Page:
An exclusive interview with Comptroller Scott M. Stringer, who is widely seen as a front runner to get elected New York City Mayor this year.
By Parveen Chopra
The South Asian Times
Scott M. Stringer announced his run for NYC Mayor last September, and the media is already portraying him as the front runner. He has long and rich experience for the job: first elected to State assembly in 1992, he has served as Manhattan borough President and as NYC Comptroller since 2014. Talking to the South Asian Times last week, he allayed Indian Americans’ fears about safety and security and promised to declare Diwali holiday in New York when elected Mayor.
The South Asian Times: We have read about your ‘Fair Shot NYC’ plan for vaccine equity and transparency. But right now, people are getting worked up because of the short supply of the COVID-19 vaccine.
NYC Comptroller Scott Stringer: Well, look, the vaccine has to be Priority No. 1. We cannot open our economy without inoculating our people. Yes, we are facing a supply constraint right now. Fortunately, President Biden has already pledged to increase doses by 16% but we need to be ready to get every dose out. I called on the Mayor (Bill de Blasio) to release the demographic data, which paints a picture of profound racial inequity. Just 11% of New Yorkers vaccinated are black, 15% are Asian, 15% Latino and 48% are white. I want to ensure an equitable rollout. We already have Pfizer and Moderna, and our one-shot vaccine from Johnson & Johnson too will be available soon. There could be as many as 60 million doses, but we have to be prepared — to have vaccination sites and make sure that everybody has access.
You have released a sweeping climate action plan, eliminating fossil fuels. But right now, people are worried about their health and livelihoods.
Comptroller Stringer: Well, climate action is about health and livelihoods. We remember how Hurricane Sandy devastated so many of our communities. Such storms are gonna come not once every 250 years, but once every 10 years now. With the pension funds we sent a strong message that we’re not going to continue to invest in companies that are hurting the Earth. With our union trustees we are now preparing to divest $4 billion from the securities related to fossil fuel companies. I believe that by investing in the green economy by creating blue bonds and green bonds, we will actually help not just our retirees, but the entire economy of New York City.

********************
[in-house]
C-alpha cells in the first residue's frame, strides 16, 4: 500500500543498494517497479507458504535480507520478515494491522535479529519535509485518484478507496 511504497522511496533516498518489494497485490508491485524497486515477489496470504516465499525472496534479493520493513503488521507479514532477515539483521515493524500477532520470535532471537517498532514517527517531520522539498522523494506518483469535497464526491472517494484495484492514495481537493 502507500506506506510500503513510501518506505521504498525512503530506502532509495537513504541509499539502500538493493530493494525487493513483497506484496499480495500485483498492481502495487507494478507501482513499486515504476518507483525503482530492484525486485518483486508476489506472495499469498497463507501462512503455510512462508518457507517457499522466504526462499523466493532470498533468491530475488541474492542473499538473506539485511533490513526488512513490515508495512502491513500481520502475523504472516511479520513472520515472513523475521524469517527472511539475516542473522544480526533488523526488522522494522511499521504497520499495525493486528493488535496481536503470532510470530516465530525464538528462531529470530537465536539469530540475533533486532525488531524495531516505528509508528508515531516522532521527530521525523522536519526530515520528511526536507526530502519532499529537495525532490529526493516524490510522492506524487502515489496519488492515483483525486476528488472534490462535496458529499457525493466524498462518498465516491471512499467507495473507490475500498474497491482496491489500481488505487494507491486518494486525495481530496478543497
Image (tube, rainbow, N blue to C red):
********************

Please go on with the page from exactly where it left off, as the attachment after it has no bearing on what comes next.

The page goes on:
The media is portraying you as a front runner for Mayor election this year. How do you see your chances yourself?
Comptroller Stringer: Look, I’m very excited to run for Mayor. It’s a tremendous honor to serve in the city. In February last, the city had a 3.4% unemployment rate and had added 970,000 jobs to the economy in 10 years. When Covid hit, the unemployment rate jumped to 20% and we lost 900,000 jobs in 30 days. Now we’ve brought some of those jobs back. But make no mistake, the next Mayor will have to manage an economic crisis in rebuilding New York City. Having served as a state assemblyman, as a borough president and now the city’s chief fiscal officer, I believe I’m well prepared. I am not running with training wheels. I believe I have the vision and the skills and the coalition to bring the city back to work for all communities as Mayor.
Indian Americans traditionally support Democrats but lately many feel that the party is too soft on the rhetoric and violence coming from the extreme left. They are worried about safety and security of their families.
Comptroller Stringer: You know, I was born and raised in the city and came of age in the 1970s when there were 2,000 murders a year. My mother always used to say to me, ‘take the train car with the conductor’, because she was worried about the violence. The city is a much different place today. So as Mayor, I’m not going to bring this city back to those days. But I do believe we need to reform the police department. Keeping kids away from policing I think is a good idea. We should invest resources in mental health programs and mental health outreach. They are doing this around the country and it’s having a great impact. So, I want to make sure that we protect the civil rights of people and keep our city safe as well.